How, then, can we ensure that we protect the proletariat, while we reorganize social power structures to reduce the influence of capital? It takes time for younger generations to open themselves up to a new social order, but society has been moving leftward for centuries, and thus we should assume that as time goes by, our goals will become easier and easier to achieve. It is necessary, however, to reduce our capacity for exploitation until a time when fewer people grow to adulthood in possession of a burning desire to exploit labor for profit.
Protecting the proletariat — protecting ourselves — requires several things. First, our dependence on capital must be reduced. Self-employment must be encouraged, as it would seem to be the only context in which a worker is allowed to determine the value of their own labor, and earn 100% of that value. Worker co-operatives should be promoted and fostered in instances where one person’s labor cannot get the job done, and even part-ownership of corporations by their workers is better than no ownership.
Secondly, efforts to create a less unequal capitalism (as ultimately futile as they may be in the long-term) remain important. High taxation on the wealthy, low taxation on the poor, and Universal Basic Income to overcome the impact of automation are all imperative. There are those within socialist circles vehemently opposed to UBI, but if we can’t end capitalism right away, UBI is at least a way to stall the process until the capital redistributed by UBI can be poured into worker co-operatives and other socialist projects.
It is naive to assume that global capitalism will end within our lifetimes, but it is cynical to believe that we cannot do anything to materially improve the conditions of the society within which we live. A nation like Norway, Sweden, Canada or New Zealand is a fundamentally more palatable capitalist economy than the United States, and those are the capitalist models we should seek to emulate in the short term. To suggest that those economies and their ‘compassionate capitalism’ are simply delaying socialist revolution to the point of being detrimental to the cause, would be akin to an accelerationist advocacy for American capitalism, which is surely distasteful to most socialists.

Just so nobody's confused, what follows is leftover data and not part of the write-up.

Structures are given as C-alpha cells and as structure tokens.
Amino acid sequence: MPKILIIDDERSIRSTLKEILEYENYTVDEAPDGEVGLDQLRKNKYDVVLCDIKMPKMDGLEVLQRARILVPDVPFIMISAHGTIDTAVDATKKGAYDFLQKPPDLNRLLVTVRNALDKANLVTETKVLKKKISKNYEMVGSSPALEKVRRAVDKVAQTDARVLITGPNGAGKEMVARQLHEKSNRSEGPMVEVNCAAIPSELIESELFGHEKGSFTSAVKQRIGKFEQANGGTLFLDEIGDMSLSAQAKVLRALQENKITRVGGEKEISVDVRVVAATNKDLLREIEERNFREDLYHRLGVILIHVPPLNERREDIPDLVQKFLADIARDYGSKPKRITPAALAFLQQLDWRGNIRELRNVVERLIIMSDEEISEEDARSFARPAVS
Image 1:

This, of course, assumes we are still operating within a democratic political structure — the entrenchment of such structures within Western societies in the 21st century is so deep that to challenge it directly would be to alienate those left-leaning liberals who have become so attached to it, and thus place ourselves in an unwinnable conflict. One only has to look at the reaction of some American liberals to the moderate violence and property destruction seen in some anti-fascist protests early in 2017. While turning the United States into Rojava might be the ultimate dream, it’s not happening any time soon.
Finally, achieving class consciousness on a massive scale is of paramount importance. Without spreading the word about socialism and overcoming the American propaganda of the past sixty to seventy years, genuine socialist policy will be impossible. Even if the American public at large never comes to embrace the word ‘socialism’ itself, it can at least be persuaded to continue distrusting the billionaire class, and the inevitable economic failure of the current Republican administration can be turned into an energy that will drive the country leftward in years to come. Once America shifts leftward and ceases intervening in socialist revolution worldwide, the cause of socialism will take a large step forward.
The bottom line: keep up the fight
In short, we have to push for equality — both social and economic — wherever we can, and spread our message at every opportunity. It is only by realizing that one’s labor is being exploited that one can prevent one’s labor from being exploited, and it is only by ceasing to aspire towards being a member of the capitalist class that one can be a part of its destruction. Protecting the proletariat from exploitation is the first step towards eliminating the social influence of the billionaire class and putting society itself at the forefront of all our concerns. If we want to be able to win at the game we’re playing, we need to make it impossible for the capitalists to win at theirs.